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The Best Investment Cornell Can Make: In Its History

East Hill tends to cycle through semesters with a certain amount of ahistorical repetition due to the constant flow of memory-less undergraduates through their four years at Cornell. While students are perennially aglow with their discoveries of new knowledge, young love, and the glee of unchaperoned fun, faculty and staff can tritely tell you that they've seen it all before. And they will see it all again.

But something novel and truly remarkable is apace on campus this spring, as the University is offering undergraduates (and others!) an opportunity to formally learn more about Cornell's history, the shape of the Cornell experience over time, and their place within it. A one credit course, taught by faithful alumni Thomas Balcerski '05 and Corey Ryan Earle '07, is offering students a detailed foray into the story behind the founding of Cornell and all the myriad developments that have since affected the University's unique academic, physical, cultural, and political climate. Here's the course description for American Studies 2001: The First American University:

Was Cornell “the first American university”? Educational historian Frederick Rudolph called it that, referring to its unique role as a coeducational, nonsectarian, land-grant institution, with a broad curriculum and diverse student body. In this course, we will read some notable historians in order to explore the history of Cornell, taking as our focus the pledge of Ezra Cornell and Andrew Dickson White to found a university where “any person can find instruction in any study.” Throughout, we will ask to what extent has this motto succeeded at Cornell and in higher education more generally. Course topics will also include stories and vignettes related to the faculty, student body, evolution of the campus, traditions, and legends. Stories of Cornell’s founders, faculty, and alumni will provide background on names that adorn buildings and memorials throughout campus.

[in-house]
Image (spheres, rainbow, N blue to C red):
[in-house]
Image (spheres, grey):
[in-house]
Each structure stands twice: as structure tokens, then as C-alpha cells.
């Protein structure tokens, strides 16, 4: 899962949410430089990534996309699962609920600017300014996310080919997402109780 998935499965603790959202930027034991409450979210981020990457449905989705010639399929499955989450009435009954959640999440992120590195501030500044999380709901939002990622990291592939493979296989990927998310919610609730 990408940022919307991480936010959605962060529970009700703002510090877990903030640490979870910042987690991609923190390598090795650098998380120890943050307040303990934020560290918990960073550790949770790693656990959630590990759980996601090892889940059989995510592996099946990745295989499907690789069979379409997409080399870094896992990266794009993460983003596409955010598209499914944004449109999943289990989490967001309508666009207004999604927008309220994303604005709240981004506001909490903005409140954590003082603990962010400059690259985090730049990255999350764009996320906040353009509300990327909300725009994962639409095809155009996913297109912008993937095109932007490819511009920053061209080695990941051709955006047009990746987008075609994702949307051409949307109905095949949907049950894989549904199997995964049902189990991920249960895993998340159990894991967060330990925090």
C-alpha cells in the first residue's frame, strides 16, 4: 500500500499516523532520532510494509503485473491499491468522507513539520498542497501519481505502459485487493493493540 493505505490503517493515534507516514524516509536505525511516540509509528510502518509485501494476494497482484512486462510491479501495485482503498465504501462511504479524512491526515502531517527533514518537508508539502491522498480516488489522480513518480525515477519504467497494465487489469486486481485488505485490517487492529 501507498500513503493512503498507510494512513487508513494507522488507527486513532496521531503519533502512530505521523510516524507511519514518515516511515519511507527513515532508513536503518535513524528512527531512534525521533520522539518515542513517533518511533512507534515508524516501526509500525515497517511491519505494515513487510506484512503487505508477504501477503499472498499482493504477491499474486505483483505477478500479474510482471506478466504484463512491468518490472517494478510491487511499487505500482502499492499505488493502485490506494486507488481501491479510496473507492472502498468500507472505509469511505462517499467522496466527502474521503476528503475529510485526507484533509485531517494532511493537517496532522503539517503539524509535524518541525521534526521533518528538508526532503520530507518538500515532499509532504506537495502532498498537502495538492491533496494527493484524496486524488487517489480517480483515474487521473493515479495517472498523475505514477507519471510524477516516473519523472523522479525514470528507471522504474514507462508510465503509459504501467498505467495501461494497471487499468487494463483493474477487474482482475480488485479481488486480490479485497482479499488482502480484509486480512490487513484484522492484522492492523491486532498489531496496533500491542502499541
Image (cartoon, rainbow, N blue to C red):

What's striking is that this course is being offered for the first time in 2011. It's a bit damning for an institution as unique, dynamic, and challenging as Cornell to not be actively trying to cultivate a sense of place and purpose by educating its community members about its compelling history and influential role in our enduring American experiment. And in trying to educate students to be engaged 21st century citizens while also trying to develop a loyal and supportive alumni base that will serve as ambassadors for Cornell and her mission, I can't think of anything that the administration and faculty can do that would be more effective to that end. And that's why in many ways the best investment Cornell can make in these trying times is to develop a sense of history and context among current students.

The move is already starting to pay off: Over 100 students are enrolled in the course this semester. And there will doubtless be thousands more educated if Earle, a staff member, is allowed to teach the course in perpetuity.

To be fair, there have been some other courses at Cornell that have dealt with the University. Ron Ehrenberg teaches a course on the Economic Analysis of the University that prominently features examples from Cornell's budget which has long been popular with aspiring muckrackers at The Sun. And I know Carol Kammen used to offer a freshmen writing seminar that encouraged students to read and write about the student experience at Cornell. But this is the first formal treatment of the University's history and role in American higher education I have seen offered.

Of course, I do have a couple of suggestions as to how to improve Corey and Tom's syllabus, but I'll leave that for another day. Until then, here's a fun video on Cornell history from one of the lecturers of the class:

Matthew Nagowski | Posted on February 18, 2011 (#)

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